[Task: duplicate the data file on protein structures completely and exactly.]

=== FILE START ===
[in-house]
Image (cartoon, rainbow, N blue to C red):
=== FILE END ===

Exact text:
[in-house]
Image (cartoon, rainbow, N blue to C red):